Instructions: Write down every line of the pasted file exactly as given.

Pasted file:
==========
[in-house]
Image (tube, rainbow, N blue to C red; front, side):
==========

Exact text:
[in-house]
Image (tube, rainbow, N blue to C red; front, side):